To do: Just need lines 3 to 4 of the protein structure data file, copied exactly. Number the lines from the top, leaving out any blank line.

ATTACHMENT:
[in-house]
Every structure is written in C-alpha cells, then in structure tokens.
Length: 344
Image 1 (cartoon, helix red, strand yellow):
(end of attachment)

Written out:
Length: 344
Image 1 (cartoon, helix red, strand yellow):